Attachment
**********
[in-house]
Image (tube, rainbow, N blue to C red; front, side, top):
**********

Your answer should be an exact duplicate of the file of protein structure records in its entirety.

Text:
[in-house]
Image (tube, rainbow, N blue to C red; front, side, top):